Our results clearly show that the quality of health service provision to adolescents in government-run health facilities and their utilization can be improved in different social, economic and cultural contexts. A limitation of our study is that, while we analysed what governments set out to do to improve the quality of health service provision, we were not able to assess what they actually did. Thus, we cannot comment on what actually occurred to bring about these improvements.
Other authors have shown that the quality of health service provision to adolescents by government-run health facilities in LMIC and service utilization by adolescents can be improved. But these improvements have been brought about in the context of operations research or well-funded and tightly-managed projects [8, 9]. Our findings show that such improvements are possible even in the context of routine programming e.g. in India, Tanzania and Ukraine.
A strength of this study is that we assembled data from published reports of quality assessment, and of service utilization and coverage assessment in different contexts by different organizations, including academic institutions, nongovernment organizations and consultant teams. While the attributes assessed and the methods used were broadly similar across assessments, another strength, the level of rigor varied greatly. Given this, a meta/analysis was not possible. While this is an important limitation, it is also reflective of the reality of programmatic monitoring and evaluation activities for AFHS programmes in LMICs.
With support, governments in LMIC have defined quality standards for health service provision to adolescents and the actions needed to achieve them. Actions to achieve these standards have led to increases in the quality and in the utilization of government-run health services by adolescents in very different contexts. This study provides a sound basis for decision makers in national and international institutions to invest in efforts to expand the reach of good quality health services to world’s adolescents.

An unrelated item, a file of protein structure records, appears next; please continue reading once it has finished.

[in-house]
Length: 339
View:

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VC and KB are employed by WHO. SC is an independent expert. She was engaged by WHO to analyse the normative documents and data for this paper.
All three authors have worked on adolescent friendly health services for several years. All of us are strongly committed to improving the quality – including the friendliness – of health service provision to adolescents in LMIC. None of us has conflict of interest.
VC conceived the paper. He defined the research questions and framed the analysis. SC analysed the data to answer the three research questions, with KB’s support. VC then drafted the paper and revised and finalized it with inputs from SC and KB. All authors read and approved the final manuscript.
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Chandra-Mouli, V., Chatterjee, S. & Bose, K. Do efforts to standardize, assess and improve the quality of health service provision to adolescents by government-run health services in low and middle income countries, lead to improvements in service-quality and service-utilization by adolescents?. Reprod Health 13, 10 (2015). https://doi.org/10.1186/s12978-015-0111-y
- Quality of care in adolescents
- Adolescent friendly health services
- Quality standards and criteria
- Quality assessment
- Quality improvement